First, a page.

For conscientious priests, the Pope just made marriage prep much more difficult
If you’re a Catholic priest who tries to be conscientious about preparing couples for marriage, Pope Francis just made your life much more difficult.
You’re doing your best. You tell couples that they should think seriously before taking vows. If they are cohabiting, you ask them to live apart before the marriage. You don’t pretend that preparation for marriage is accomplished by a one-size-fits-all program or a time-consuming, bureaucratic pre-Cana process; you take the time to get to know the man and woman, to speak to them about the true meaning of Christian marriage. You encourage them to make a good confession before the ceremony. Before the wedding day, you speak to each one individually, ensuring that each is ready to make a full and free commitment. You help them to plan the ceremony, guiding them so that it will be done with dignity and reverence. Then you do all the necessary paperwork to guarantee proper canonical form.
Then Pope Francis meets couple on a plane ride, and on the spur of the moment, persuades them to take their vows in mid-flight. Does he ask them to reflect seriously on their commitment? Nope. They evidently weren’t even thinking about a sacramental marriage at takeoff time, and they were married before they landed. Does he question them about their years of cohabitation? Evidently not. Does he hear their confessions? Not likely. Plan a dignified ceremony? Not at all.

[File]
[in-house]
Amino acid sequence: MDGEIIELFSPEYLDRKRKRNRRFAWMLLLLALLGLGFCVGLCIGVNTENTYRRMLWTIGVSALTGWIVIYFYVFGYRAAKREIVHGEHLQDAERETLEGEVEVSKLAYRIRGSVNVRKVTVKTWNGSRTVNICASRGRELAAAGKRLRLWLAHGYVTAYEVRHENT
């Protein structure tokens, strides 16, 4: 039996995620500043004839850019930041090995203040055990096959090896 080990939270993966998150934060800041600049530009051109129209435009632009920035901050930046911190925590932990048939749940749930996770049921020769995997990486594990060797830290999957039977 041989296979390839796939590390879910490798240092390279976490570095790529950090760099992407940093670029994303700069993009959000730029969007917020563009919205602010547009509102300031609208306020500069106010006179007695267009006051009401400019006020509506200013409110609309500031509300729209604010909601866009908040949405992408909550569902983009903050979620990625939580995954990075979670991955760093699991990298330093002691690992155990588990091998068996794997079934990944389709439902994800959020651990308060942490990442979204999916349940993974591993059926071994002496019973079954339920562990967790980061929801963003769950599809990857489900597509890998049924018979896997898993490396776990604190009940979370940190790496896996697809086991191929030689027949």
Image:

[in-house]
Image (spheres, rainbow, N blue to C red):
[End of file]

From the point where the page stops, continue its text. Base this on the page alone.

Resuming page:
As the overworked canon lawyer Ed Peters has remarked, it’s questionable at best that the Pope fulfilled the canonical requirements for marriage. So we face the unedifying reality that the Bishop of Rome may have presided at a marriage that was invalid because of his slapdash approach! And this, remember, is the same Pope who lamented that many (if not most) Catholic marriages today are invalid.
Once again the Pope chose to ignore the requirements of canon law. Bear in mind that the Pope has the unquestioned authority to change canon law, on his own initiative. Still he didn’t change it; all those canons that Ed Peters mentions remain in force. Instead he paid no attention to them.
So for you, the conscientious priest, life is now more difficult. Sometime in the next few weeks, when you try to persuade a young man and woman to take marriage more seriously, you’re going to hear them say, in effect: “What’s the problem? The Pope wouldn’t give us these problems. Why are you making it into such a big deal?”
So you have my sympathy, Father, and my prayers. You’re doing your best. God bless you for that.
Then again if you’re not a conscientious priest—if you’re a priest who enjoys doing the bare minimum, letting people do what they want, not losing sleep about the state of their souls—the Pope just made your life even easier. So I don’t suppose you’ll complain.
And as a matter of fact, reflecting on how few complaints I’ve heard in the past 24 hours, I think I know why the Pope just might be right about how many Catholic marriages are invalid. It seems to me that you’re failing in the essential pastoral responsibilities you vowed to fulfill. But who am I to judge?
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